Hahamog’na – Hahamongna

The Hahamog’na, also called the Hahamongna, are a tribe of the Tongva Indians who inhabited the Verdugo Mountains, San Rafael Hills, and the Arroyo Seco in present day Altadena, Pasadena, and Glendale. Two settlements named Hahamonga existed in the area for thousands of years before the arrival of the Spanish.

.

Santa Fe Recreation Area

The Santa Fe Recreation Area is a 836-acre recreation area at the foot of the San Gabriel Mountains that includes a 70-acre fishing, swimming, and boating lake.

 

Cahuenga

Cahuenga is an area in the San Fernando Valley where both the Tongva People and Tataviam People established settlements thousands of years before Spanish explorers reached the area.

 

 

Tongva Words

Words that we use every day that originate from the Tongva People - Indians and language include:

 

 

Gabrielino-Tongva Villages

Gabrielino-Tonva Villages existed in the Los Angeles Basin for thousands of years. Most were located near the Los Angeles River, the San Gabriel River, the Santa Ana River, and the coastal areas. There are more than 3,000 Tongva Indian archaeological sites in Southern California, including the Channel Islands.

 

Former Tongva – Gabrielo Villages in Southern California

Alyeupkigna

A former Tongva Indians village in the San Gabriel Valley area of Los Angeles County at the base of the Little Santa Anita Canyon.


Awigna

A former Tongva – Gabrielo village in La Puente which is in the San Gabriel Valley.


Azucsagna

A former Tongva – Gabrielo Native American village on the San Gabriel River in Azusa which is in the San Gabriel Valley.


Hahamonga

A former village of the Tongva People located in the Verdugo Mountains near Pasadena and Glendale.


Isanthcogna

A former Tongva Indians village near the Mission San Gabriel in the San Gabriel Valley.


Kowanga

A former Tongva Indians village near the Mission San Fernando in the San Fernando Valley.


Maugna

A former village of the Tongva People in the Hollywood area of Los Angeles.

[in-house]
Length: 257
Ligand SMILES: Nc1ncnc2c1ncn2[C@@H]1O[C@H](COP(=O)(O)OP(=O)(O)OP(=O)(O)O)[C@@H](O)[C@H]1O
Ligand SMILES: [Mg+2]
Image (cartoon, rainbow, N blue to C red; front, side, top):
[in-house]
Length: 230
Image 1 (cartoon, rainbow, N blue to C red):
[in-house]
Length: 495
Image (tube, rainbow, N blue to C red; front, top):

Okowvinjha

A former Tongva Native American village in the San Fernando Valley area of Los Angeles County.


Pasinogna

Pasinogna was a Tongva Indian settlement in the Chino Hills of San Bernardino County adjacent to present day Chino.


Pubugna

A former Tongva Indians Village in Long Beach.


 

Tongva Park

Tongva Park is a 6.2 acre park in Santa Monica named after the Tongva People who inhabited the area for thousands of years.

 

American Indian Resource Center

The American Indian Resource Center (AIRC) was formed in 1979 for the purpose of meeting the informational, educational, and cultural needs of American Indians, including the Chumash People, the Tongva People, and the Tataviam People. It is the largest public library collection in the United States that focuses on Native Americans. It includes tribal codes, books, films, microfilm, newspapers, compact discs, videocassettes, and more. The American Indian Resoure Center is headquartered in Huntington Park which is in the eastern part of Los Angeles County.

 

Southern California Indian Center

The Southern California Indian Center, Inc. (SCIC) is an organization in Los Angeles whose goals include educating the American Public on Indian issues and culture. The organization also represents the interest of the Chumash People, Tongva People, the Tataviam People, and other Native Americans.

 

California State Indian Museum

The California State Indian Museum is a museum in the State Park System interpreting the cultures of the indigenous peoples of California which includes the Chumash People, the Tongva People, and the Tataviam People. The museum is in Sacramento.

 

Southwest Museum of the American Indian